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"Gordita makes a splendid version of the Galician almond cake Tarta de Santiago, with its dramatic design. Would you please publish the recipe?" Michael MacDermott, Taringa, Qld REQUEST A RECIPE To request a recipe, email email@example.com or send us a message via Facebook. Please include the restaurant's name and address, as well as your name and address. Please note that because of the volume of requests we receive, we can only publish a selection in the magazine.
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A celebration of one of our favourite breakfast foods.
Dishes that fall into the “classic” category ask to be cooked time and again, their appeal traversing generations and often cultures. Wiener schnitzel is one such dish.
Not all schnitzels are equal. Their preparation and cooking methods are similar – a piece of meat breaded then baked or fried – but it’s the accompaniments that distinguish one schnitzel from another.
Dating back to when the Roman legions marched through the Alps around 100BC, there are many incarnations (Florentiner Kalbsschnitzel, served with tomatoes and risotto; Holsteiner schnitzel, topped with a fried egg; and paprikaschnitezel, with paprika sauce, to name but three), but it’s Wiener schnitzel that has entered the realms of the classic.
Austria’s most famous dish outside Austria is a simple affair. A thin escalope of veal is dredged in flour, egg and breadcrumbs before being shallow-fried. Many Austrians insist it must be cooked in lard. Regardless, it’s traditionally accompanied by a slice of lemon, lingonberry jam, and potato salad or butter-tossed potatoes with parsley.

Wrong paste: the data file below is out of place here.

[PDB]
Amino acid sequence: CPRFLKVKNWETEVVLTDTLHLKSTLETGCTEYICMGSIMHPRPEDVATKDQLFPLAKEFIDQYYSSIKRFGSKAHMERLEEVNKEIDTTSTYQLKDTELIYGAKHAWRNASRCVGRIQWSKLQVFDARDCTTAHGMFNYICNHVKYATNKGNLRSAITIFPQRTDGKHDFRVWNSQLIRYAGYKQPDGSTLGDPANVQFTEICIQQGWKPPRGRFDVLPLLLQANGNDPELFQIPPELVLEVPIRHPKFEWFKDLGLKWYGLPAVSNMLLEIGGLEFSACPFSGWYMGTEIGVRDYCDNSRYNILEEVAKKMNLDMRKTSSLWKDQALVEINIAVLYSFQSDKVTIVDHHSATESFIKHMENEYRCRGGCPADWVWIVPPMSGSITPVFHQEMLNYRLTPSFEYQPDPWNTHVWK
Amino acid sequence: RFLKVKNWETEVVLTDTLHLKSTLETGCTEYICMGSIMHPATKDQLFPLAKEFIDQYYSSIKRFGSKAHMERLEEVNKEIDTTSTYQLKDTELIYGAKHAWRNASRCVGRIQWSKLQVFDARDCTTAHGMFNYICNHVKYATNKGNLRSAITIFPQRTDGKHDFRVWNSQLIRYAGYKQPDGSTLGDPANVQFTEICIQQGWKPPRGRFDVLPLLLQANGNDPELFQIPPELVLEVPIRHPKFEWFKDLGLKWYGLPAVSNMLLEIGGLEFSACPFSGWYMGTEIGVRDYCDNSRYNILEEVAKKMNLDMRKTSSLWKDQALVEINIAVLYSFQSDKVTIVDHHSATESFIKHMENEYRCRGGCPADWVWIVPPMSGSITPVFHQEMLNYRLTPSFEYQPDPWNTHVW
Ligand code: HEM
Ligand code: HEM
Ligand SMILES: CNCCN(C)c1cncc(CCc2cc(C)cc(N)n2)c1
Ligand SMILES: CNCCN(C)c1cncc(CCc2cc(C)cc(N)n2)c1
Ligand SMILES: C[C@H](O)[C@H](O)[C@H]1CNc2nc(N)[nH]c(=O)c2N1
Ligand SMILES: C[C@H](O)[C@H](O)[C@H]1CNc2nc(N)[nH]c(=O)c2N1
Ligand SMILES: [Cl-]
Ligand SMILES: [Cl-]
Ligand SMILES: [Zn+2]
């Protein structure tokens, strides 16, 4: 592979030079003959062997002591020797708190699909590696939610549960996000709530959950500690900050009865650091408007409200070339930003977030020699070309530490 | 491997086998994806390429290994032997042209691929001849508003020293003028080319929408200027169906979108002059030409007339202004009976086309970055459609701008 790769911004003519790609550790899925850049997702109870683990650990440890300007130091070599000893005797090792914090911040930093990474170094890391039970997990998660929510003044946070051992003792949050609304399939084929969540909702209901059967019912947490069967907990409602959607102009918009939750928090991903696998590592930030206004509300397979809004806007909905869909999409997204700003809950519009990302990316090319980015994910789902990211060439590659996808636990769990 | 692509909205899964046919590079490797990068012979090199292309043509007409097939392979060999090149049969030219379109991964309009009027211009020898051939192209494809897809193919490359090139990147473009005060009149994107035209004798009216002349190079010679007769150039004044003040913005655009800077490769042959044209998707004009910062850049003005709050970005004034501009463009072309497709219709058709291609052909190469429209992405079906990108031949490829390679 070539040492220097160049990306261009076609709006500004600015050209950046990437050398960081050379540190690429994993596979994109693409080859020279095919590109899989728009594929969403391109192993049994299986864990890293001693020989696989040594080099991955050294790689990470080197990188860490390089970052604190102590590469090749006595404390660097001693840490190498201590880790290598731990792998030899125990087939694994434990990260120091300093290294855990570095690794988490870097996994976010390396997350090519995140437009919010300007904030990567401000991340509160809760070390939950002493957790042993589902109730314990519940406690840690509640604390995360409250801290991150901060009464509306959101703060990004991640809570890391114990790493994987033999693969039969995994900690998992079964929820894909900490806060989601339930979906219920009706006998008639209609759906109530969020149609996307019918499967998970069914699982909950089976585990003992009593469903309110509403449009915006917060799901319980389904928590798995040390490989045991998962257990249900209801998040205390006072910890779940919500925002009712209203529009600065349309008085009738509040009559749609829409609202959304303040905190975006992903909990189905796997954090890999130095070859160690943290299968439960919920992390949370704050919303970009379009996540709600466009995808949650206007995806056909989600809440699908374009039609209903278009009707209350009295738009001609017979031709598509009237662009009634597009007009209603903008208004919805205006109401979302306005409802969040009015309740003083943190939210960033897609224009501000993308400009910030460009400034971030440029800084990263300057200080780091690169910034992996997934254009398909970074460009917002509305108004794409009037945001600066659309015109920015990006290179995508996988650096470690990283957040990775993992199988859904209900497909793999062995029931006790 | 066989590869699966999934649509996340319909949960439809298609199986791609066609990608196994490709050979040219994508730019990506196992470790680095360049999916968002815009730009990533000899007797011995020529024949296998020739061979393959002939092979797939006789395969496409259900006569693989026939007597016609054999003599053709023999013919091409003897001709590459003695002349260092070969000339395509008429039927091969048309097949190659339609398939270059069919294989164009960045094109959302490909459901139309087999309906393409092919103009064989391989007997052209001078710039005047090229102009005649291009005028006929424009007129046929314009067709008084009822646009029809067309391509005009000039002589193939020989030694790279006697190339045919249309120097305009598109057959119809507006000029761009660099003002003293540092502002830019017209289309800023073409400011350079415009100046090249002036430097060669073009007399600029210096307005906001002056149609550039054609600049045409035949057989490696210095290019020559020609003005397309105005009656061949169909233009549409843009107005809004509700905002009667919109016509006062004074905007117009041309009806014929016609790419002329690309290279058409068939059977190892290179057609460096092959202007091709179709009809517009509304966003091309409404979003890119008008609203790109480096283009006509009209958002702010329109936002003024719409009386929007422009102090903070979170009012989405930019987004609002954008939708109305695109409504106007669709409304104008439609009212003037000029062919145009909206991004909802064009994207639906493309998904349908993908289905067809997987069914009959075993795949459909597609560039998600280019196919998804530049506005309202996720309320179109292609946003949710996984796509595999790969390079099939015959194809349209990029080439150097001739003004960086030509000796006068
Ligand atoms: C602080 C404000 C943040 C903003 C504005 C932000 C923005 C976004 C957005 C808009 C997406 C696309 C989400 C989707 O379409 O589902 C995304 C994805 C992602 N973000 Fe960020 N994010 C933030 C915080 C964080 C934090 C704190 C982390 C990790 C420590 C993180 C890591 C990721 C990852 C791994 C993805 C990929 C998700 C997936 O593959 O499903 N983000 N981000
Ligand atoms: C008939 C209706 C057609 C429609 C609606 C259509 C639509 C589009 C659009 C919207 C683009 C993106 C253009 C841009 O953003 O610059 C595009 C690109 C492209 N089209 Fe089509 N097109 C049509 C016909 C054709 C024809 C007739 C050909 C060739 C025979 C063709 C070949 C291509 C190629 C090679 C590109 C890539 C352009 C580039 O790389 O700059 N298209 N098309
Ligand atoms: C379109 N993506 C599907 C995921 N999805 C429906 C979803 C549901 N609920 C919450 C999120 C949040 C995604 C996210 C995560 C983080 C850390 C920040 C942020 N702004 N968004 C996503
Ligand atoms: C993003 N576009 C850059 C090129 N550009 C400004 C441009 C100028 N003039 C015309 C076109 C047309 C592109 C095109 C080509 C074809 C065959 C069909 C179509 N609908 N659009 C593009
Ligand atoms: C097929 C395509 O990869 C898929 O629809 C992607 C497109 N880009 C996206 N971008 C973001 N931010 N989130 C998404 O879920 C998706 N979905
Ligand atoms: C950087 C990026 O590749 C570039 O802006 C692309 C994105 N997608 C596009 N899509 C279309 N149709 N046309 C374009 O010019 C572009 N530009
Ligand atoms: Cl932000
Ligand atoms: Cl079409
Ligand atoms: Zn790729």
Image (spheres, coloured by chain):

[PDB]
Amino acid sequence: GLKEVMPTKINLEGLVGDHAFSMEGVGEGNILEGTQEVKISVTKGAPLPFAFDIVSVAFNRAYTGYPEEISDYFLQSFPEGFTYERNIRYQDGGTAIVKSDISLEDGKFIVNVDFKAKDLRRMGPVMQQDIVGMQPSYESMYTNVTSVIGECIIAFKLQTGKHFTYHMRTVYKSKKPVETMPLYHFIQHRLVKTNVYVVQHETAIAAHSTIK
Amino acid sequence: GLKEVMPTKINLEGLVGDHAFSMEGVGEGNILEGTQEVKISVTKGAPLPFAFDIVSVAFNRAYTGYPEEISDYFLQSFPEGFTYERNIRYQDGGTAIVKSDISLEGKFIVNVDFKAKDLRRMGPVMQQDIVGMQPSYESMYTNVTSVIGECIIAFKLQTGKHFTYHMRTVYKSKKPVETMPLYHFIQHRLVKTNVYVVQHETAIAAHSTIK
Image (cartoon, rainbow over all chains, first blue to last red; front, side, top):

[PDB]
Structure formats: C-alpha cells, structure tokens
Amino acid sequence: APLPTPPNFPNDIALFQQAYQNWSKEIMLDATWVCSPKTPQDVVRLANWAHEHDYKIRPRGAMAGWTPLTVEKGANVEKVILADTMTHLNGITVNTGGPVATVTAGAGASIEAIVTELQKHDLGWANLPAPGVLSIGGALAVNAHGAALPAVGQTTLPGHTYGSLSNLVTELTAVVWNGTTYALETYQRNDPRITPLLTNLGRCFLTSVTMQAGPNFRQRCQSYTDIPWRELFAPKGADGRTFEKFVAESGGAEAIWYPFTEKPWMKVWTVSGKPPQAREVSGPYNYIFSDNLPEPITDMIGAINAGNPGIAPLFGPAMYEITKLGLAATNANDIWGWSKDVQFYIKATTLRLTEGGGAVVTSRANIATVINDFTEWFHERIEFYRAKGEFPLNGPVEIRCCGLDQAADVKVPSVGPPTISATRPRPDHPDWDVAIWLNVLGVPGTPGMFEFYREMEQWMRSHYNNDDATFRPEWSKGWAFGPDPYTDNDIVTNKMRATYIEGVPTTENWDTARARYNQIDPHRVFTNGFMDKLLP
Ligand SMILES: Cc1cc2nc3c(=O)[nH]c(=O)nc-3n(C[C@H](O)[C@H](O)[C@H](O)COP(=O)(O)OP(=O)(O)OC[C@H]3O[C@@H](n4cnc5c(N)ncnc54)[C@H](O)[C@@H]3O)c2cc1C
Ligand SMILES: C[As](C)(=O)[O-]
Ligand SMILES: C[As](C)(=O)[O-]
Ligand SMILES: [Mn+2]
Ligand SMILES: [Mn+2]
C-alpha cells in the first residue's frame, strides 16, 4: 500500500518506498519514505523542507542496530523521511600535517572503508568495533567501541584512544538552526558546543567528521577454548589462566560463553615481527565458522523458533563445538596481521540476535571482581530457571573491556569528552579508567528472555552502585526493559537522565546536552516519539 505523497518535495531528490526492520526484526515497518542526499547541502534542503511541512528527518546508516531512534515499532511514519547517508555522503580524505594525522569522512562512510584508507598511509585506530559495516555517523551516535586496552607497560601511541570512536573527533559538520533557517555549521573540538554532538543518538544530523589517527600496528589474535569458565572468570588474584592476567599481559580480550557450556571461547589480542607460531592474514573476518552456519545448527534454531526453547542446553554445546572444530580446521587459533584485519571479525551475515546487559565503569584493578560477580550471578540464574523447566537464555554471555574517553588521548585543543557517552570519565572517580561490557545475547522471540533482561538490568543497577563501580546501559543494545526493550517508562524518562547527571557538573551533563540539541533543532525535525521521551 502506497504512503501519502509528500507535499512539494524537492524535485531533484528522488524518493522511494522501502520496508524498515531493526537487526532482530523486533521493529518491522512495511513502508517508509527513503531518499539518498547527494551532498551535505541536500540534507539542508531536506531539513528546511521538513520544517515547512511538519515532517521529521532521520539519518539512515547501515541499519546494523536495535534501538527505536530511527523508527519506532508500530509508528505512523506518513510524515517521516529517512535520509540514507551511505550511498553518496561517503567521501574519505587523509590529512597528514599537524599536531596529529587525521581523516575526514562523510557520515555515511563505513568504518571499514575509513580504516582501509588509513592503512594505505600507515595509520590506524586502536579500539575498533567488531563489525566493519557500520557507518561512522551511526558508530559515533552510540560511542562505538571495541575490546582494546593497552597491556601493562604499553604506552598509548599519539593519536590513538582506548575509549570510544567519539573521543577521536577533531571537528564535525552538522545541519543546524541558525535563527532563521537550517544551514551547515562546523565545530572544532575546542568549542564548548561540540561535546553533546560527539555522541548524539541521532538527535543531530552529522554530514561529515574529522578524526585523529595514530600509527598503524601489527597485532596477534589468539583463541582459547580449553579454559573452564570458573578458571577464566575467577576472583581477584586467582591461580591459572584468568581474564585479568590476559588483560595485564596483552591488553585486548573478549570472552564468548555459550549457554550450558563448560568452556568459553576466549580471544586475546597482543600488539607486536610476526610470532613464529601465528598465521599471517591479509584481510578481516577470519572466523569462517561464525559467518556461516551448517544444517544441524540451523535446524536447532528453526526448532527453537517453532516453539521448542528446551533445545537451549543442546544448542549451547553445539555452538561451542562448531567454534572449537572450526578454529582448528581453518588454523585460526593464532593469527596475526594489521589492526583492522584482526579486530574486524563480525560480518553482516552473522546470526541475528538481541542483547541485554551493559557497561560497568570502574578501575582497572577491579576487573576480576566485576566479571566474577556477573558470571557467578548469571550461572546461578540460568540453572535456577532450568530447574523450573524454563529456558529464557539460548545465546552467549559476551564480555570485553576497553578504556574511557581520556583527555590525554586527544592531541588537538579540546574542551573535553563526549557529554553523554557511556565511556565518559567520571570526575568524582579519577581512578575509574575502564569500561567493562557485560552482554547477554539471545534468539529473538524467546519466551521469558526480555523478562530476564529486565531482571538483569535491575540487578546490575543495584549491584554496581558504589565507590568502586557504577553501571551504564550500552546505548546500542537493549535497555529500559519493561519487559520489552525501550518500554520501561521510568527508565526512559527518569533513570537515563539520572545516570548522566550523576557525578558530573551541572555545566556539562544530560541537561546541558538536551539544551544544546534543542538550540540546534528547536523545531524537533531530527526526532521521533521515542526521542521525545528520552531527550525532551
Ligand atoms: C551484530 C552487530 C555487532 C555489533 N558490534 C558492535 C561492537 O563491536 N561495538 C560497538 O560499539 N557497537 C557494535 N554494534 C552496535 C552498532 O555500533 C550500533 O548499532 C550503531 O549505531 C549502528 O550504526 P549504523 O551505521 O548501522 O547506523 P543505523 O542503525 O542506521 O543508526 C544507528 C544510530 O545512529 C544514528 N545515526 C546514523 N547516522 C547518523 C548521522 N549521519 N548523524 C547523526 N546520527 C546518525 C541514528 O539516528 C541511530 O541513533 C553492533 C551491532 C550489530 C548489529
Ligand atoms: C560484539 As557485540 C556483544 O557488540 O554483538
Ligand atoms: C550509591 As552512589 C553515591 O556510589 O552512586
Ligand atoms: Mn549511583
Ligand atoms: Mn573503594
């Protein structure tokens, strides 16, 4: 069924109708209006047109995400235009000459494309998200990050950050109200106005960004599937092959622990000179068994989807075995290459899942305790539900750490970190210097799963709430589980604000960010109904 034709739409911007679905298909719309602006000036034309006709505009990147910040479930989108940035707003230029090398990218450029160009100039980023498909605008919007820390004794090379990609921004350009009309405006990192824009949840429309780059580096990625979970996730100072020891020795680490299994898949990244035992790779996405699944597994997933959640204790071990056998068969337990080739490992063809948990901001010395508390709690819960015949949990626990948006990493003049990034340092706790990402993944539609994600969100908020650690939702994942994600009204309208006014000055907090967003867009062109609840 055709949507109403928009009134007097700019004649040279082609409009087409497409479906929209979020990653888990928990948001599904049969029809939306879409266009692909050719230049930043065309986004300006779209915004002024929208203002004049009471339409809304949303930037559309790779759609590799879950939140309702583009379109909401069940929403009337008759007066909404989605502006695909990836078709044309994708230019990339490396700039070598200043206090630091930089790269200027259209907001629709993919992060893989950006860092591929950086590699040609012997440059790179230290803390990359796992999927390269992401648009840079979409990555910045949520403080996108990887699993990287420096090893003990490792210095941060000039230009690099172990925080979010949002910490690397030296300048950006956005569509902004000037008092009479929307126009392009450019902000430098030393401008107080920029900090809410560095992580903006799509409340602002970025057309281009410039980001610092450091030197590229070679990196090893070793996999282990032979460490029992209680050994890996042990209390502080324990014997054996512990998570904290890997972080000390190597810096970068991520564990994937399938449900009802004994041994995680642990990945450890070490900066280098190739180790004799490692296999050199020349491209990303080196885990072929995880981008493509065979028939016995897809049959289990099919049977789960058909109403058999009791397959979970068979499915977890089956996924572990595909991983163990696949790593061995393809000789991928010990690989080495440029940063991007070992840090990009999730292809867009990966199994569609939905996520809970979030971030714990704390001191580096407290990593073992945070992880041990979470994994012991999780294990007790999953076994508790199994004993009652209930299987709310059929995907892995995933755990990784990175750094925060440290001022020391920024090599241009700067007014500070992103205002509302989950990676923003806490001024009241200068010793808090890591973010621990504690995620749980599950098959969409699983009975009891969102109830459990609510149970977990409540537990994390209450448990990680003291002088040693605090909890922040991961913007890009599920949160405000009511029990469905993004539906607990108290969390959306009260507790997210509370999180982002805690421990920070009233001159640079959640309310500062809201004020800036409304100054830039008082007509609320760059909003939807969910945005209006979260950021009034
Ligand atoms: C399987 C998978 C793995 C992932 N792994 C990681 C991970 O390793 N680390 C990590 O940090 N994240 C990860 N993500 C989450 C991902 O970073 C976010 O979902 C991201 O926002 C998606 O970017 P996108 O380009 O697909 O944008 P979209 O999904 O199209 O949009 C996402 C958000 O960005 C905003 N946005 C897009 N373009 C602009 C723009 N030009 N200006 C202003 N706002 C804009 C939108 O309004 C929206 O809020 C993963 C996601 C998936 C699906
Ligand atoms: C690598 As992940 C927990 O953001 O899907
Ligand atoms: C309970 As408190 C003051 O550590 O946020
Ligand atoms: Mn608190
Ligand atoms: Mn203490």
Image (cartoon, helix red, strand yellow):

It’s similar to Italy’s famous costoletta alla Milanese, which is crumbed and most often cooked on the bone. Alan Davidson’s The Oxford Companion to Food explains the difference neatly: “the Milanese cut the meat from the rib and fry it in butter, whereas the Austrians take the escalope from the leg, and fry it in lard”.
With Austria’s influx of Italian and German immigrants in the late 19th century came an increased appetite for veal, and costoletta may have crossed the Alps with those Italian migrants, morphing into Wiener schnitzel later.
For our version of the Austrian classic, the potatoes remain (albeit the crisp, fried variety) and it’s lightened up with fennel and radish slaw. A good squeeze of lemon is a must. After years languishing in the bain-marie wilderness, the time has come for this old favourite to regain its rightful place on our dinner tables.
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